The real secret lies in your kitchen.

By | November 21, 2023

What’s the secret to great mashed potatoes? Some recipe writers will tell you it involves cream cheese, ranch dressing, or garlic. Maybe buttermilk is the key or salt and vinegar? A Reddit thread titled “What’s the Secret to the Best Mashed Potatoes?” offers suggestions for mayonnaise, crushed potato chips, English mustard, and Parmesan cheese—in addition to now-common practices like choosing the right potatoes and drying the cooked potatoes in a colander or add to a warm pot and use a rice press instead of a masher.

This month’s issue of Bon Appétit brings together a series of the magazine’s “greatest hits” for the holiday season, and pride of place goes to “The Best Mashed Potatoes We’ve Ever Made.” The recipe is “non-negotiable” for Thanksgiving, the magazine claims, and “has legions of fans among both staff and readers.” In fact, these “incredibly smooth, once-a-year rich” potatoes are absolutely delicious: silky, fluffy, and deep in flavor. I loved them when I tried the recipe recently.

But what makes them so good? A closer look at the recipe, which was developed six years ago by then Bon App editor Andy Baraghani, reveals this actually Secret of mashed potatoes. It is not a complicated cooking method or unusual ingredient. It’s fat. That’s it.

The Bon App recipe uses a incredible Amount of butter plus other added fats: To four pounds of potatoes (Yukon Golds, of course), Baraghani adds two full sticks of butter, 1 ½ cups whole milk and half a cup of cream. While I remember the various mashed potato recipes I’ve used on past Thanksgivings being rich, I don’t remember them being truly rich The rich. A look at my cookbooks confirmed it: I usually add a maximum of a piece of butter and a little buttermilk or a splash of cream.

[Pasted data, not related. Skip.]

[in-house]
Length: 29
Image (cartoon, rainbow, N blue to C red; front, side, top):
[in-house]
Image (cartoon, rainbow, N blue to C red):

Along with butter, cream, and milk, Bon App spuds deliver an astounding 62 grams of fat per pound of potatoes (or GFPPP, a statistic I just made up). In contrast, the potatoes I made last year, from Mark Bittman How to cook everything (3 tablespoons butter, ¾ cup milk), supplied only 21 GFPPP. And yeah, hey, big surprise – they didn’t taste that good.

In fact, I had a hard time finding it any Mashed potato recipes as luxurious as Baraghani’s. Chefs Illustrated? 32.5 GFPPP. The pioneer who tells you to add a whole pack of cream cheese to your potatoes? 49 GFPPP. Even damn Paula Deen couldn’t match the fat content of Bon App’s potatoes, coming in at just 51 GFPPP. I’ve found evidence that mashed potato recipes have followed – or perhaps paved the way – with the increasing decadence of American tastes. The 1946 Enjoy cooking (3 tablespoons butter, ⅓ cup cream) is a relatively lean 27.5 GFPPP. The Modern Edition adds more cream, bringing it to a total of 34.5 GFPPP. While The New York Times offers many, many mashed potato recipes (average: 40.7 GFPPP), a notable new one appeared on the site earlier this month: Vaughn Vreeland’s Brown-Butter Mashed Potatoes, a recipe that calls for more butter than butter most others come to the fore with a splash of the golden, nutty liquid. It’s a valiant attempt to keep up in the unctuous arms race and overtake the American potatoes at a whopping 52 GFPPP.

A graph showing that Bon Appetit has the most butter and is winning the mashed potato arms race.
Photo by robynmac/iStock/Getty Images Plus. Diagram from Slate.

Could it be that the only thing that counts in mashed potatoes is the fat? Could have saved me all those years of trying a million different flavor hacks (Rosemary cooked in milk! Raw onions! Fried garlic!) and just adding butter and cream to my potatoes until they just don’t have it anymore endured? It was time to talk to the expert.

When I asked former Bon Appétit editor Baraghani, his first book The chef you want to be, who recently won a James Beard Award, thought back to what his goal was in developing his mashed potato recipe. “I’ve read so many recipes that promise lump-free or fluffy mashed potatoes,” he finally said. “I thought people needed to experience the joy of very, very buttery, creamy French brasserie-style potatoes.” He was thinking of chefs like Jean-Georges Vongerichten and Daniel Boulud, he recalled. “And I knew the trick was the enormous amount of butter, more than usual.”